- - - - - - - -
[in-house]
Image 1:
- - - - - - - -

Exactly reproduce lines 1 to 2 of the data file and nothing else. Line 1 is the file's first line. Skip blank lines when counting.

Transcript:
[in-house]
Image 1: